Her search ended when she was hired as CFO of G-Trade, then a unit of Credit Lyonnais. The days were long, and learning the business was tough.
“It was extremely hard work building a business,” she said. “But I was part of something completely different and new, and that was what made it exciting.”
G-Trade was sold to The Bank of New York in 2002. Later, she relocated to Orlando, Fla., where she oversaw the firm’s move to consolidate operations globally. With a small group of people, she built an entire global operations headquarters from the ground up – hiring talent, overseeing technology build-outs and training staff. The firm would eventually become ConvergEx in 2006, and later she would be appointed COO based out of the global brokerage’s New York corporate headquarters.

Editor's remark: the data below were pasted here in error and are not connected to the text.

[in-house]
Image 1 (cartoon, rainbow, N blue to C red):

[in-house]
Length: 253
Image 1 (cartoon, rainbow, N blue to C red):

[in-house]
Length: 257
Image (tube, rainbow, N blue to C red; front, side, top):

“This was challenging, but a lot of fun,” she reminisced.
Then in 2011, she moved yet again, but back to her big-city roots – New York. As her leadership role expanded from tactical to strategic, Ordonez had to be closer to senior management. Her love of Wall Street and business grew, only to be rivaled by her love of the Big Apple.
So where does she see herself in the next three to five years? Ordonez is uncertain as she told Traders she doesn’t have a master plan, but she is certain she’s moving in the right direction.
“If you’re not growing or driving in new directions, you get left behind,” she said. “Each day presents new challenges, and I try to learn something new every day ? only then will you remain relevant.”
Firm: FEDERATED INVESTORS
Jennifer Setzenfand, a senior equity trader at Federated Investments, is a second-generation trader. Her father, Dennis Green, spent 38 years in the Nasdaq/OTC world, running desks in Cleveland, Chicago and Baltimore.
It was in the blood.